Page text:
For almost my entire life, the same cookie jar has sat on the kitchen counter. The porcelain pig jar (appropriately wearing a kitchen apron) started as a counter staple at my parent’s house when I was a kid and was then gifted to me by my mother when I was in my 20s. It’s currently sitting on my kitchen counter as I write this. Being both a fan of baking and the owner of a vintage cookie jar mean I bake cookies to fill the jar nearly weekly. It’s grown into a point of pride of mine to have the type of home where I have fresh, home-baked cookies at the ready for guests.
While I love experimenting and baking new things, I have a few cookies recipes that have become my go-to easy cookies (and the cookies you are most likely to find in the cookie jar on any given day). It’s nice have a few staples that I can generally whip up in under 20 minutes. One of these is Aggression Cookies. The name may be a bit off-putting but it is well earned. Aggression Cookies require hand mixing cold butter into the mixture and actually turn out better the more you mix it (unlike many other baked goods, which one needs to be careful to not over mix). Thus the name. These cookies are a great way to workout some stress as you get the butter fully incorporated. What’s better than pounding out your frustration in the cookie dough and treating yourself to a fresh, warm-from-the-oven cookie afterwards?
The thing I find the most interesting about this recipe is it’s origin story: At one point—no idea if it’s still is— this was one of the staple recipes they would teach in my junior high home economy class. I never actually took this class. (For the record, I never took any home economy or cooking classes despite my love of baking and cooking. I learned a lot of cooking techniques from my mom and everything else has been self taught.) I ended up with the recipe because either my mom had been a substitute teacher for the course and brought it home, or perhaps my sister had took the class we ended up with the recipe that way? I’m honestly not sure. (It could be a combo of both!) The recipe didn’t fall into my hands until I was much older.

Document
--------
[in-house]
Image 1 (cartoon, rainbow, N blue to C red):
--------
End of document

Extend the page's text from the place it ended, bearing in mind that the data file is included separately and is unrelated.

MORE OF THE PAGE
I have zero memories of baking these when I was in high school, so the recipe must have been passed on to me when I was in college or recently graduated from college. I think my mom actually gave it to me with the recommendation I use it to help relieve stress while I was going through an emotional time. By the time I moved to Portland, the recipe had become one of my regulars. I love to keep it on had to eat at breakfast, or for a post-work snack, or a pre/post workout treat. While marathon training I would add in a bit of peanut butter into the recipe (just a spoonful) for a bit of extra protein. I love that these cookies are more like little energy bites than a traditional oatmeal cookie (which I am less of a fan of). I feel like two or three of these little cookies is pretty similar to eating a granola bar, and can get me by on a busy morning. They are great for a little pre-run energy if I’m going for a run but don’t want to eat a full breakfast beforehand. No matter what time of day you like to eat them, there is a pretty high chance you’ll find them in my cookie jar if you pop over to my place for a visit.
(as adopted from Ponderosa Junior High)
Makes about 20 cookies
1 1/2 cup oatmeal (I often use traditional rolled oats, but quick cooking oats work well too. Steal cut, however, does not work as a good substitute for this cookie)
3/4 cup flour
3/4 cup tightly packed brown sugar
1 teaspoon baking powder
1/2 teaspoon vanilla
1/2 cup butter (cold and cut into chunks)
(spoonful of creamy peanut butter- optional)
Pre-heat oven to 350° and prepare baking sheet (I line mine with parchment for easier cleaning)
Mix oatmeal, flour, brown sugar, baking powder and vanilla in a large or medium-sized mixing bowl. (If adding peanut butter, I put a spoonful in here. No more than a tablespoon or your proportions will be wrong. Cookies are very tasty without the added peanut butter so maybe make the original recipe the first time and play around with it the next time). Add cold butter and hand mix in the butter, kneading it until completely incorporated. The more you mix, the better it becomes. Make sure there are no remaining, unmixed chunks of butter. Dough will be kind of dry and almost cornmeal-like, but holds together when pressed into a ball shape. Form tight balls of dough using your hands, between 1 and 1.5 inch diameter depending on how big you want your cookies. Place in rows on a prepared baking sheet, leaving a bit of room (at least an inch) around each cookie. Cookies do not raise much and will hold shape while baking so long as butter is mix in properly.
Place in oven (center rack) and bake for 8-10 minutes, or until browning on the bottom. Let cool at least 20 minutes before eating. Once completely cooled, cookies will keep at room temp in an air-tight container for at least a week. (I keep mine in a large Ziplock bag inside my cookie jar.)